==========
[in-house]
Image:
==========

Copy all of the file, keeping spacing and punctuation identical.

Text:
[in-house]
Image: